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Old 04-09-2020, 04:21 PM   #1
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Carbon Monoxide coming into the trailer from water heater

Hello all,

We have a 2020 Forest River Rockwood Mini Lite LT2104S and with it's design the water heater is just below the refrigerator at the rear of the trailer and when when the wind is blowing against the back of the trailer we are getting extraust fumes into the trailer through the space around the refrigerator and setting off the carbon/propane detector (we have to open everything up to air out). When we open the cabinet door just right of the refrigerator we can smell the exhaust. I have had it into the dealer and they said that there is nothing wrong. Is this a design flaw?
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Old 04-09-2020, 04:44 PM   #2
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Check that your top refrigerator vent is open with no obstructions. Mine (different model) had some fiberglass fall over the top vent (sidewall style) that restricted air flow. You may want to see if the cabinet surrounding the refrigerator can be sealed
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Old 04-09-2020, 05:37 PM   #3
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It might be a good idea to make sure that the burner in the water heater is running with a "blue flame". If the flame is showing signs of "yellow" it means it has a restricted air flow into the burner which raises the CO level from the flame.

Can be as simple as an insect building a winter home in the air intake or maybe just an easy air adjustment on the burner.

Read the manual before attempting air adjustment. As for "bug homes" compressed air can really be your friend when it comes to "evicting" them.
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Old 04-09-2020, 06:45 PM   #4
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The refrigerator, presuming it's propane, should be fully sealed around its perimeter to prevent its exhaust gases from getting into the living space. I had to pull my refrigerator and redo the sealing, which was time consuming and difficult.
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Old 04-09-2020, 06:54 PM   #5
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Agree both water heater and fridge should be fully sealed. Dealer should do this without question. Contact forest river this is a dangerous warranty situation.
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Old 04-10-2020, 12:13 AM   #6
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Yes it is a dangerous condition! CO is more harmful then many think. CO stays in your body and can build up over time.
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Old 04-10-2020, 01:32 AM   #7
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It might be a good idea to make sure that the burner in the water heater is running with a "blue flame". If the flame is showing signs of "yellow" it means it has a restricted air flow into the burner which raises the CO level from the flame.

Can be as simple as an insect building a winter home in the air intake or maybe just an easy air adjustment on the burner.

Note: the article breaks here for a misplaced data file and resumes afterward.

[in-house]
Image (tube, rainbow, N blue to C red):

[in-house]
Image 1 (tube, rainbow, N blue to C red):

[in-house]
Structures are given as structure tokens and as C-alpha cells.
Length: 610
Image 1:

Read the manual before attempting air adjustment. As for "bug homes" compressed air can really be your friend when it comes to "evicting" them.
X2 A tiny spider web can reduce air into the burner resulting in some propane unburned - and a very potent odor in the exhaust.
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Old 04-10-2020, 08:58 AM   #8
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Thank you all for your replies. I wish I could post a photo of the rear my trailer but it is at the dealer for warranty repairs (we purchased the trailer in December 2019). This was one of our concerns and currently they are saying that it is just a design flaw because it only happens when the wind is blowing into the rear of the trailer. The photo I have attached was from a trailer in the showroom (it's the best that I have at this time). It shows that the water heater is directly below the refrigerator.

I will update once a get an additional update from the dealer.
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Old 04-10-2020, 09:48 AM   #9
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If dealer won't fix/seal then contact Forest River as this should not happen whether the wind is blowing or not.
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Old 04-10-2020, 09:59 AM   #10
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On windy days use the electric mode. use a half moon shaped wind block out of a coffee can to block breeze so you keep a good flame.
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Old 04-10-2020, 12:11 PM   #11
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Great suggestion Thomas. One of the items we have the trailer at the dealer for the warranty repairs is the electric side of the water heater (it wasn't working). They said that it was a cut wire and is being fixed.
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Old 04-10-2020, 12:11 PM   #12
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On windy days use the electric mode. use a half moon shaped wind block out of a coffee can to block breeze so you keep a good flame.
That's only a band-aid. The Dealer needs to seal both Refer housing and heater housing the way it should be. There should be no path for CO from outside to inside.

Fix the problem and no "band-aids" are needed.
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Old 04-10-2020, 12:14 PM   #13
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That's only a band-aid. The Dealer needs to seal both Refer housing and heater housing the way it should be. There should be no path for CO from outside to inside.

Fix the problem and no "band-aids" are needed.
And band-aids are a stupid approach to something that can kill people.
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Old 04-10-2020, 12:44 PM   #14
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Had the same issue with my clipper 17BH when the breeze hit the water heater side of the trailer. After about 3 trips for repair they pulled the heater and determined the butyl seal was not installed by the factory. Did not have any issues after it was reinstalled properly.
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Old 04-10-2020, 12:44 PM   #15